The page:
How the FinTech revolution is changing the banking industry
The rise of FinTech is forcing high street banks to re-think the way they interact with their customers.
Over two million banking jobs could be cut in the next decade, according to a new report by Citigroup.
The cuts will be the result of a dramatic rise of investment in FinTech companies, along with customers preferring to use mobile banking apps rather than visiting a branch, the Citi GPS: Digital Disruption report states.
"The recent mobile internet and smartphone revolution has created a game changer" in the way consumers interact with banks, warns the study.
Citi's findings shows Europe and America are coming to a 'tipping point', with physical branches being left obsolete by popular new FinTech start-ups. They predict that developed market banks could cut branch numbers by as much as 50% over the next 10 years.
In the past five years alone, investment in private FinTech companies has jumped from $1.8bn in 2010 to 19bn in 2015. The 'new kids on the block' are presenting younger consumers with new and innovative ways of banking.
For now, the major banks are fending them off with their sheer scale and market saturation, but with the rapid growth and investment in FinTech, "this isn't likely to continue for long", the report said.
In China, this 'FinTech tipping point' has been reached. The companies country's top FinTech companies (such as Alipay or Tencent) often have as many, if not more, clients than the top banks. This is due to a combination of a large e-commerce system and accommodating regulations.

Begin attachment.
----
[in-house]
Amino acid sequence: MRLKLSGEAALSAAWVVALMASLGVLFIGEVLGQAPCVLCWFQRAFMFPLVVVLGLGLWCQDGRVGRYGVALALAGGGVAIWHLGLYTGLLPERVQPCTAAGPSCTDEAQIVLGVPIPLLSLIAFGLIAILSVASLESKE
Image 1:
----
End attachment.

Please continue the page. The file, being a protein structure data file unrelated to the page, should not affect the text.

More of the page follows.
5 FinTechs changing the global financial landscape
Founded in Edinburgh, AimBrain is a mobile biometrics platform. This firm wants to do away with passwords by tracing the way the user swipes and taps their smartphone screen to identify them.
You may have heard of Blockchain before. Founded in 2011, the bitcoin wallet now has 6 million users and $30.5m (£21.7m) in investment.
The German smartphone-first mobile bank has drawn 80,00 users within its first year of launch. Number 26 is going against the grain by forming strategic partnerships with other FinTechs, much to its success.
Property Partner is a platform that allows users to invest in individual properties across Europe, with as much or as little money as they want. As of March 2016, the business had crowdfunded over 170 properties, with more than £25m invested in just over 12 months.
Revolut’s vision is to make travel money a thing of the past. The company’s card can be used anywhere in the world where Mastercard is accepted. The accompanying app boasts a range of useful features, including an option to block the Revolut card directly from the app in case of theft.
Death of the high street branch?
The Accenture Banking Customer Survey 2015 found that an average customer interacts with their main bank about 17 times a month. 15 of those interactions are non-human, such as via social media or using a mobile banking app.
In the face of these numbers, the report states that banks will "follow consumer behaviour and close branches as they see their consumers shift away from branches to digital".
Nordic banks have already closed down around 50% of their branches since 2008 in order to improve cost efficiency drive by digitisation.
If current trends continue, Europe and the US may not be far behind this same strategy.